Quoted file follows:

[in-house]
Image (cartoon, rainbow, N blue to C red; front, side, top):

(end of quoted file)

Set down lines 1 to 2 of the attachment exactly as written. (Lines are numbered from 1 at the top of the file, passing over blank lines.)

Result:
[in-house]
Image (cartoon, rainbow, N blue to C red; front, side, top):